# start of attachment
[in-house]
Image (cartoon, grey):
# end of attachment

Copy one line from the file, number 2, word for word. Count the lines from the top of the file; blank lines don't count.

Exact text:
Image (cartoon, grey):